Much of the focus on influenza in fall typically surrounds vaccination, which the CDC now recommends for everyone 6 months of age and older. Experts, however, would also like physicians to prepare to treat those patients who will catch the disease, vaccinated or not. Reading about the latest evidence and recommendations—and educating patients about them—could make flu season a slightly easier time of year for all, they said.
For example, a study published in Clinical Infectious Diseases in July found that recent years' treatment patterns have not matched guidelines on drug therapy for flu. “We wanted to better understand antiviral prescribing patterns. We knew they were underutilized,” said lead author Fiona Havers, MD, MHS, a medical epidemiologist in the influenza division of the National Center for Immunization and Respiratory Diseases at the CDC.
She and her colleagues looked at more than 6,000 outpatients suspected of having flu in the winter of 2012-2013. Of the 35% who were later confirmed to have influenza, 16% got an antiviral medication and 30% got an antibiotic.
“We weren't particularly surprised to see fairly high rates of antibiotic prescribing. We were maybe a little bit surprised about how low the antiviral prescribing was in high-risk patients,” Dr. Havers said.
The CDC and the Infectious Diseases Society of America (IDSA) recommend oseltamivir or zanamivir for all outpatients at higher risk for complications from influenza. That means elderly people, pregnant women, patients with certain chronic conditions, the severely obese, nursing home residents, American Indians, Alaska Natives, and children under 2. The study found that only 19% of these patients received an antiviral.
There are a number of explanations for this gap between guidelines and practice, said experts, who also offered their advice on optimizing influenza treatment.
For example, every physician knows that antibiotics don't cure the flu, but many find reasons to prescribe them anyway, said Andrew T. Pavia, MD, ACP Member, chief of pediatric infectious diseases at the University of Utah in Salt Lake City.
“‘The patient is pretty sick ... I need to prescribe something. Let me give them an antibiotic so they'll be happier,’” said Dr. Pavia. Others prescribe antibiotics out of “an abundance of caution. We know a small proportion of patients with flu will also get a bacterial infection, although we also have good data that prescribing antibiotics up front to patients with flu makes no difference,” he said.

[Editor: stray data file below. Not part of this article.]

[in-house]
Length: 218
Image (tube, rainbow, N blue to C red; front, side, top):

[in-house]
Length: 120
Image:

Physicians may also be uncertain about whether a patient has the flu. Dr. Havers and her research colleagues had the benefit of hindsight, since they were comparing prescriptions for antibiotics to results of influenza polymerase chain reaction (PCR) tests, which the treating physicians couldn't always access. Flu tests are improving in accuracy, but the latest technologies aren't widespread in outpatient care yet, the experts said.
If practices do have rapid flu testing, the results may not be much better than a physician's clinical judgment. “During the peak of flu season, use of symptoms can be almost as accurate as the less-good tests,” said Dr. Pavia, noting that a fever and cough or sore throat during flu season are about 75% predictive in adults.
While physicians shouldn't prescribe antibiotics to patients who definitely have only the flu, the guidelines don't require such certainty to prescribe antivirals. “It's not just laboratory-confirmed flu, it's ones where there is suspicion, particularly in those who are hospitalized, who have serious or progressive disease, who have underlying risk conditions ... they should also be treated,” said Frederick G. Hayden, MD, FACP, professor of medicine and pathology at the University of Virginia in Charlottesville, Va.
The low rate of adherence to this advice, found in the study and experts' observations, may result from different factors. “There is a lack of awareness of all the data there is to support use of antivirals, particularly in high-risk groups,” said Dr. Havers.